3 Timeless Elements of Storytelling That Will Grow Your Business

I run a digital marketing agency. If we are able to track a client’s revenue and connect it to the ads we run (an ecommerce client, for example), we can tell them — to the cent — how much they make in revenue for each dollar they spend on ads. If that sounds like a numbers game … it is. But when I pitch clients, I don’t lead with numbers. When I pitch a client, I don’t tell them we can generate $34.12 for every $1.00 they spend on ads. Surprisingly, that’s not what seals the deal. Don’t get me wrong, the numbers are important, and I share numbers in every pitch I make, but they’re not the most important thing.

What matters more than numbers, or any other detail I could share, is whether or not I can tell a good story. Frankly, numbers bore clients. They’re just a box to be checked. If I start to talk numbers too much, the client’s eyes Japan Phone Number List will glaze over, and I can see that what they want to say to me is, “Yes, yes, the numbers are good enough, I see that, check the box, move on, now tell me a story!” Not that they’re looking for just any story, they want a story they can identify with. They want a story that shows that my agency has worked with someone like them before and that we got great results. But that’s not all they want. Here are three elements your story should include in order to convince your clients they want to work with you: Related.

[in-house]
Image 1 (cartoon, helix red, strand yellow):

Harness the Power of Storytelling to Transform Your Business for the Better Storytelling Element #1: A hero In his book, The Hero With a Thousand Faces, author Joseph Campbell laid out what we all now call “The Hero’s Journey.” To simplify, the hero is comfortable at home, when suddenly there’s a call to adventure. He leaves home, faces challenges, overcomes obstacles and comes back home a changed person. This story is told over and over again in books and movies, from The Hobbit to Star Wars to Harry Potter. However, while every story needs a hero, where many entrepreneurs make a mistake is in assuming they or their company is the hero. As Donald Miller explains in his book Building a StoryBrand, "When we position our customer as the hero and ourselves as the guide, we will be recognized as a trusted resource to help them overcome their challenges.